Montessori High School offers new architectural model for education
The Post Oak School recently announced the location for its innovative new Montessori high school at 1102 Autrey, just west of Montrose Boulevard in the heart of the Museum District.
Set to open in fall 2012, Post Oak High School sees itself as a launchpad for students to follow interests beyond the classroom and connect with experts from cultural institutions throughout the school’s neighborhood.
Currently housing the linen rental company Party Cloths – which plans to relocate to 5201 Michelldale in northwest Houston – the 6,000-square-foot Aubrey building will undergo a $5-million-dollar renovation starting this December.
“The ‘city as a campus’ idea came first,” says architect Janann Pittman from the design team at Jackson & Ryan Architects. “Knowing the new building was going to be in the Museum District, the administration’s goal was to use as many neighborhood resources as possible.”
“The ‘city as a campus’ idea came first,” says architect Janann Pittman from the design team at Jackson & Ryan Architects.
“We knew there was no need for a 500-seat theatre, when we can use a stage right around the corner,” explains Post Oak High School director James Moudry. “We plan to have our science labs at the Museum of Natural Science and art classes at the Museum of Fine Arts, Houston.”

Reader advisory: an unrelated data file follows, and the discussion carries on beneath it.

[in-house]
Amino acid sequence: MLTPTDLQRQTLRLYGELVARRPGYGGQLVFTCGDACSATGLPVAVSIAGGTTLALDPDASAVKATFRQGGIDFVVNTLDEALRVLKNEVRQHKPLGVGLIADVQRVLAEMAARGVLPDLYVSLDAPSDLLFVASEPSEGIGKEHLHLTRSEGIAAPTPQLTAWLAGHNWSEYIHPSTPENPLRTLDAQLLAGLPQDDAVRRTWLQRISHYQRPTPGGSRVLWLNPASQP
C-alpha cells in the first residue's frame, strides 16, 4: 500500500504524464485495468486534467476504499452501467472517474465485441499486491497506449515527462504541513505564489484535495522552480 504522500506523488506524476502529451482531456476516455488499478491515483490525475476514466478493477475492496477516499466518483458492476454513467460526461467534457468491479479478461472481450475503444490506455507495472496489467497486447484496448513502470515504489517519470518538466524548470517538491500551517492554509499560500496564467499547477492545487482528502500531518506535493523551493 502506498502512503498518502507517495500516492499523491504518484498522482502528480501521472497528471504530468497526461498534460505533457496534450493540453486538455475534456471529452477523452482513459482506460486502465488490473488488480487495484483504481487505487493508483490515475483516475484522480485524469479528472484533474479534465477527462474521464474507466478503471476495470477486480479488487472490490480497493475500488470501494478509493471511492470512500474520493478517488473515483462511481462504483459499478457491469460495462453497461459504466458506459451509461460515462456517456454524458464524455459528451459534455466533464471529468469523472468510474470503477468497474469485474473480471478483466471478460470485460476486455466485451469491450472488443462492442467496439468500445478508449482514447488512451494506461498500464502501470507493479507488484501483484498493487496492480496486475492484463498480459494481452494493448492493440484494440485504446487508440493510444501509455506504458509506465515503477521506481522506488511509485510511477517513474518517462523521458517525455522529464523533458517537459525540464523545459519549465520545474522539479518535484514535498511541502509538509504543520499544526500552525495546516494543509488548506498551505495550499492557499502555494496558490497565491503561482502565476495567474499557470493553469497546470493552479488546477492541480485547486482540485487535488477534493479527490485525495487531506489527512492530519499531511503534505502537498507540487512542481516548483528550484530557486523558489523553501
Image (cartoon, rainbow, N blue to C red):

Science labs and studio space are still planned for the new building, but at a much smaller scale than those typically found in high schools – a means to best utilize the school’s relatively small footprint. Private spaces like conference rooms and teacher offices have been traded for a large common area and open work space to maximize teacher-student interaction.
Developed by Italian physician and educator Maria Montessori during the early 20th century, the Montessori model centers on a student’s freedom to select activities from a prepared educational environment. Classroom ages are mixed and students learn from working with materials themselves, rather than receiving direct instruction.
"Sitting at a desk is a foreign idea to a lot of our students," laughs Moudry. "Movement and self-direction are key elements to Montessori. In the new building, we want students to move throughout the space, building independence and the ability to make their own educational choices.
“The administration’s goal was to use as many neighborhood resources as possible.”
“Specific areas will be established throughout the school to serve as gateways to different fields of study,” Moudry explains. “For example, a history area might have antiques and a globe, as well as books.
“In many ways, high school culture is a subset of the adult world. With the Museum District as our actual campus, teachers can help students maintain relationships outside the classroom to gain exposure to adult issues and help to solve them.”
“High school should be about understanding the gifts of our culture,” says Post Oak head of school John Long. “It’s a time for students to find out where they stand in that culture and what their future work will be.”
Starting with 20 initial students in the ninth and tenth grades, the school soon hopes to maintain enrollment around 80 in the building’s current phase. Future expansion plans can bring enrollment as high as 120.
The Post Oak School will offer an information session on the new high school program on Nov. 29 at its Bellaire campus (4600 Bissonnet). Call the school for details at 713-661-6688.